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Economists Baffled By 26% Growth Figure In Ireland

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Economists Baffled By 26% Growth Figure In Ireland

A jaw-dropping 26% increase in the GDP (Gross Domestic Product) for the economy of Ireland was reported for the last year, 2015. 

Some explanations have been given to explain this outstandingly sharp spike.

After the report had come in, analysts were left speechless and then scrambled to come up with some plausible explanations.

As can be seen in the chart below, the real gross domestic product report for the first three-quarters of 2015 is giving some indication as to what the final report for the year might gauge. 

The GDP earnings for the rest of the Eurozone are considerably diminished in comparison:

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The latest report for last year came in and did not disappoint the trend predicted by the previous chart. 

As can be observed from the graph below, the GDP earnings reported for the last quarter of 2015 show escalation that is almost out of sync with quarterly reports from previous years. 

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To go into some explanation for this peak in GDP earnings in Ireland it is first necessary to:

  • Explain why analysts are confounded
  • Explore if the spike is driven by foreign companies that have relocated to Ireland.

The British-Irish Trade Association is due to meet, and the state of the Irish economy will be the leading topic. 

As yet, an explanation for the growth surge is still being sought out.

Officials from the Central Office Statistics announced the new figures to a gathering of reporters and economists last Tuesday. 

They had predicted a growth of around 7.8%, so the latest findings are roughly three times that figure.

An independent economist, Jim Power, commented that to say the economy increased by 26% would be erroneous. 

It is necessary to look into the real meaning behind the cause of the increase.

The most plausible explanation for the figure is that Ireland has an open and transparent nature regarding its economy, and this is seen as a desirable feature for U.S. companies. 

Ireland’s 12.5% tax rate is accessible to U.S. companies too.

Some of the U.S. firms that have invested in Ireland, mostly via acquisitions, are:

  • Perrigo Co.
  • Jazz Pharmaceuticals Plc. Corporations.

The two companies listed above have overseas assets of 523 billion Euros (US$580 billion). 

They were headquartered in Ireland in 2014, and in 2013 they had earnings of 391 billion Euros – so the gains in the relocation period would be reported as a boost to the economy of Ireland.

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Ireland is a relatively private economy and any considerable amount of assets that increase in earnings will reflect in a spike.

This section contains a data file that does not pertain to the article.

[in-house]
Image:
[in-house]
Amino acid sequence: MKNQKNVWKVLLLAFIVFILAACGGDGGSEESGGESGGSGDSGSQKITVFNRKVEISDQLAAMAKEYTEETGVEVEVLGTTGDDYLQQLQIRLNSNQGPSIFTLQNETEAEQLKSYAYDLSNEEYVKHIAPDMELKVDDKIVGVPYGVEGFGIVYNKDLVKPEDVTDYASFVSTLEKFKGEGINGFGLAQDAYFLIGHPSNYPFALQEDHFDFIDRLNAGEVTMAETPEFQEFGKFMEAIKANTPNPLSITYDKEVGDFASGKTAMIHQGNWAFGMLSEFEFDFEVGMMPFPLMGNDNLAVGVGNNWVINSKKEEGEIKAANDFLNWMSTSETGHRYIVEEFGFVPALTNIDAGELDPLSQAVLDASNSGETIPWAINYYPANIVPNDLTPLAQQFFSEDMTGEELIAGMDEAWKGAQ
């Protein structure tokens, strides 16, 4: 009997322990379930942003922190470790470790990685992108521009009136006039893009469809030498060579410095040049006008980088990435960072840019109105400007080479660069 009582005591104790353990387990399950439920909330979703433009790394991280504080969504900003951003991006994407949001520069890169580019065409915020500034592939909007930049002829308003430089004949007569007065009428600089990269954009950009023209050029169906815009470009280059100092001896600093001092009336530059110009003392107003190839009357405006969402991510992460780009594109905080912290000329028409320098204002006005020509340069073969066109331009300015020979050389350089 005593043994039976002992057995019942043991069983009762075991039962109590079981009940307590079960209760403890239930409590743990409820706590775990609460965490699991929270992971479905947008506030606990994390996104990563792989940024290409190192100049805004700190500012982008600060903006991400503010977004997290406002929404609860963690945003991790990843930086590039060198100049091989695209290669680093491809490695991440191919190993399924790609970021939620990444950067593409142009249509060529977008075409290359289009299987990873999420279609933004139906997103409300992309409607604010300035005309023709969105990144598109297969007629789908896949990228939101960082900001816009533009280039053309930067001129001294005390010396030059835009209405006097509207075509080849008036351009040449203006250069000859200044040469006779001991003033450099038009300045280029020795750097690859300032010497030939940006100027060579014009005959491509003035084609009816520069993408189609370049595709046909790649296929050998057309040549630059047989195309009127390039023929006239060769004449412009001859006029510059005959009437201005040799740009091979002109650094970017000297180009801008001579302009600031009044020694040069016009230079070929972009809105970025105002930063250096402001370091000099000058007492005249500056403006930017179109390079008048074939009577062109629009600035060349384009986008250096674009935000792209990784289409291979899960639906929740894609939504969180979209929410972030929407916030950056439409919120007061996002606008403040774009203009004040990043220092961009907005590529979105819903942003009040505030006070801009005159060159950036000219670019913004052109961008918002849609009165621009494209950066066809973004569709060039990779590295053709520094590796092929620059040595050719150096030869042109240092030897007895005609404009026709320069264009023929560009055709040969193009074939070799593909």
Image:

That is one of the explanations given to verify the earnings as believable.

Ireland’s Finance Minister, Michael Noonan, pointed out in a statement, that the significant growth numbers had obscured the deficit ratios and debt that Ireland still carries. 

The less optimistic view is that there can be a downside to the apparent positive figures.

The tax inversions have temporarily given a false reading to the size of Ireland’s economy. 

When companies, such as the ones listed above, choose to base their headquarters in Ireland, all of that company’s profits internationally and globally can be counted as a portion of the host country’s gross national income. 

This is the reason that was given according to the Irish ministry.

Corporate relocations and the enormous earnings potential that the same companies post annually have boosted the economy of Ireland by 7 billion Euros since 2008. 

It does not necessarily follow that this added growth and earnings have had a trickle-down effect on the earnings of the population in the form of employment and salaries. 

This is what concerns the ministry the most.

The reports on the GDP of Ireland will elevate the contributions that have to be made to the European Union’s budget by the country. 

The size of the country’s GDP determines the amount. 

The concern is that, with foreign investment inflating the GDP but not contributing to the spending power of the Irish people, this may place an undue burden on the general population.

Analysts are still picking apart the reasons for the exact explanation as to the increase, however. 

It may not be explainable by foreign headquarter relocation alone. 

Ireland’s growth continues at a steady pace that is not in tandem with dramatic reports recently announced. 

Maybe just too many transactions are happening to be able to fathom right now reasonably.

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